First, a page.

Identification[edit]

The Law for Simplification of the Health System of July 1934 created Information Centers for Genetic and Racial Hygiene, as well as Health Offices. The law also described procedures for 'denunciation' and 'evaluation' of people, who were then sent to a Genetic Health Court where sterilization was decided.[19]

Information to determine who was considered 'genetically sick' was gathered from routine information supplied by people to doctor's offices and welfare departments. Standardized questionnaires had been designed by Nazi officials with the help of Dehomag (a subsidiary of IBM in the 1930s), so that the information could be encoded easily onto Hollerith punch cards for fast sorting and counting.[20]

In Hamburg, doctors gave information into a Central Health Passport Archive (circa 1934), under something called the 'Health-Related Total Observation of Life'. This file was to contain reports from doctors, but also courts, insurance companies, sports clubs, the Hitler Youth, the military, the labor service, colleges, etc. Any institution that gave information would get information back in return. In 1940, the Reich Interior Ministry tried to impose a Hamburg-style system on the whole Reich.[21]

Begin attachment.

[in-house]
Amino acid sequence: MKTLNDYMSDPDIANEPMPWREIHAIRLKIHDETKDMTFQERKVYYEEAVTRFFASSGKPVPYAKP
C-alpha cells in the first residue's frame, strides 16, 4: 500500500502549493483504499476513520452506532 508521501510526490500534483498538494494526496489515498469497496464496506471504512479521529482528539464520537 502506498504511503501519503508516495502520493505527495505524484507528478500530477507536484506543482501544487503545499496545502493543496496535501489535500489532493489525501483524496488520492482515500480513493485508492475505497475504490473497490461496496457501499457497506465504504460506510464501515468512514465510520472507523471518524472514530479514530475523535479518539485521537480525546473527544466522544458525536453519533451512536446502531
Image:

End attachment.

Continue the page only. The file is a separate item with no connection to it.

Nazi eugenics policies regarding marriage[edit]

After the Nazis introduced the Nuremberg racial laws which only allowed Aryans to marry each other, it also became compulsory that both marriage partners had to be tested for any hereditary diseases in order to preserve the perceived racial purity of the Aryan race. Everyone was encouraged to carefully evaluate their prospective marriage partners eugenically during courtship. Members of the SS were cautioned to carefully interview prospective marriage partners to make sure they had no family history of hereditary disease or insanity, but to do this carefully so as not to hurt the feelings of the prospective fiance and, if it became necessary to reject her for eugenic reasons, to do it tactfully and not cause her any offense.[22]